In terms of geographical diversification, Amadeus is well-diversified and is seeing increasing participation in America post-COVID in 2020. On the other hand, the U.S. is the country with the highest participation individually in the total revenues of the company. In the following table, we see the participation by geography and the participation of the top four countries with the largest portion of the pie:
Second Buffett rule – excellent, shareholder-oriented management
Luis Maroto, CEO of Amadeus, has been working at the company for more than 20 years. Maroto has successfully led all of the acquisitions made by the company in the last 10 years. One example is the acquisition in 2018 of Travelclick, which is a hotel technology company that offers business intelligence and operational services. This acquisition enabled Amadeus to reinforce its hospitality solutions business, which has been another source of cash generation for the company in the last years. Amadeus paid $1.52 billion, a price that was only three times Travelclick’s revenues in 2017 of $373 million, and 17 times its EBITDA in the same year.
To put things in perspective, Adobe Systems (ADBE) recently paid more than 50 times sales for FIGMA, a subsidiary that is expected to have revenues of $400 million in 2022. The multiples paid for Travelclick shows that Amadeus’ management doesn’t like to overpay for acquisitions.
Also, Maroto has been responsible for the launch of the NDC as a response to a challenge issued by the IATA. In 2015, the IATA decided to launch its NDC to support airline companies with respect to avoiding a total reliance on the Amadeus GDS platform. In response to that challenge, Amadeus launched its own NDC platform to offer another alternative to the airline companies. As of 2021, Amadeus has signed up more than 20 airline companies for its NDC platform; in this way, Amadeus offers a wider range of services with its GDS and NDC. Maroto turned a threat into an advantage, since the NDC was launched by the IATA as a potential substitute for the Amadeus GDS, and now Amadeus offers interesting complementary services with both its GDS and NDC.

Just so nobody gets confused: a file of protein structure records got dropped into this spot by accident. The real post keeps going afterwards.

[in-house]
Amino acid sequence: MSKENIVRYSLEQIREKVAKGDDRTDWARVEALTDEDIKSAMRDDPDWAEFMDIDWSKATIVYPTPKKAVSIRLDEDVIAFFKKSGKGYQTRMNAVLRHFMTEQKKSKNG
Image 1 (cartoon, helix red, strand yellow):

Maroto seems to have prepared Amadeus for the very long term given that he wanted to protect the business from the entrance of the big U.S. tech companies into the industry. In this way, Amadeus has signed very long-term contracts with airline companies and other players within the travel and tourism sector to reinforce its long-term relationship with them. Integrating Amadeus’ systems with those from its clients makes it very difficult for potential powerful competitors to disrupt Amadeus’ technological services.
In regard to capital deployment, management has not been consistent in its repurchases of its own shares since it prioritizes its investments in growing organically and through acquisitions, without taking on much debt. Furthermore, management has shown a higher ratio of repurchases/FCF when the stock dropped significantly in 2018 due to the trade war between U.S. and China, and in 2021 due to COVID. This indicates that management does not like to overpay for its repurchases, unlike many other companies.
Since 2013, the company has made very important acquisitions that have reinforced its leadership position in the industry – including Travelclick in 2018, Premier Inn in 2017, Itesso in 2015, IHG in 2014, etc. On the other hand, the company stopped paying dividends in 2020 and 2021 in order to accumulate more liquidity due to COVID. However, the company has announced that it will pay dividends again in 2023. In the last 10 years, before COVID, the dividend yield was between 1% and 2% and grew year-on-year from 2012 to 2019:
Third Buffett rule – strong competitive advantages relative to its main competitor
Amadeus’ long-term contracts are around 15 years with airline companies for distribution services, and three to 20 years with different players within the travel and tourism sector for IT solutions services. Furthermore, most clients have incentives to renew their contracts because Amadeus fully integrates its systems, software, and IT solutions with those of its clients. This increases their “switching costs” and gives Amadeus the opportunity to fully understand the clients’ needs in terms of delivering more IT solutions in the future.
To reinforce customer loyalty, Amadeus has innovated significantly. The company spent 8%-9% from its gross margins in R&D expenses. In this regard, Amadeus brings cutting-edge technology to its ecosystem, delivering significant value to its clients and strengthening the competitive position of the company. Given this high level of integration with its clients’ systems and the supply of value-added services, Amadeus has fortified its competitive advantages and its power to set higher prices. That is reflected by its high net margins and high free cash flow margins pre-COVID:
In the table above, the net margins and free cash flow margins were impacted by the COVID situation in 2020 and 2021. However, these margins are improving as part of the recovery of the sector. These high margins drive up its ROE and ROIC, which means that Amadeus can reinvest into its core business and earn higher returns on its capital. Although these returns were negative during COVID, they were really good in the pre-COVID years. In 2022, as the sector is recovering and the company’s performance is improving, these two important metrics are expected to return to their pre-COVID levels: